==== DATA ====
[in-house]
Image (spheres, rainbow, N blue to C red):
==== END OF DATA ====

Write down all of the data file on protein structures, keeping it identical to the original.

[in-house]
Image (spheres, rainbow, N blue to C red):